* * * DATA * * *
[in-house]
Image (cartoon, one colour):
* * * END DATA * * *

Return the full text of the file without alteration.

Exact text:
[in-house]
Image (cartoon, one colour):